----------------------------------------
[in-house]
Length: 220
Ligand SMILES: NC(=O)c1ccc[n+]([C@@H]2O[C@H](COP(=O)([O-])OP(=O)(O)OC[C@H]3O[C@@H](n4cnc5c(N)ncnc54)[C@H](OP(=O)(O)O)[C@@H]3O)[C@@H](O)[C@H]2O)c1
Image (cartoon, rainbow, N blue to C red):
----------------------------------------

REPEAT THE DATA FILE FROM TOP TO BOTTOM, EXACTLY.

[in-house]
Length: 220
Ligand SMILES: NC(=O)c1ccc[n+]([C@@H]2O[C@H](COP(=O)([O-])OP(=O)(O)OC[C@H]3O[C@@H](n4cnc5c(N)ncnc54)[C@H](OP(=O)(O)O)[C@@H]3O)[C@@H](O)[C@H]2O)c1
Image (cartoon, rainbow, N blue to C red):